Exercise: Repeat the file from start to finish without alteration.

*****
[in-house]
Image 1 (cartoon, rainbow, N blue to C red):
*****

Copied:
[in-house]
Image 1 (cartoon, rainbow, N blue to C red):